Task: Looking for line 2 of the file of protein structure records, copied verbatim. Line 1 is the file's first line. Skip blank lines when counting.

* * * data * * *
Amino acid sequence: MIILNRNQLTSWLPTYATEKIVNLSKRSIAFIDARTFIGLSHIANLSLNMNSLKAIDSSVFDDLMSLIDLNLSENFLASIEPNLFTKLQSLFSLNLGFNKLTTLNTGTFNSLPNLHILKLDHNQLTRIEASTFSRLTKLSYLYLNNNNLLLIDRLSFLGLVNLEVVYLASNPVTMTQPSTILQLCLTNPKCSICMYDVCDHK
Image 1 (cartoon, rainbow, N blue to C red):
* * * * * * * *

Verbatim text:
Image 1 (cartoon, rainbow, N blue to C red):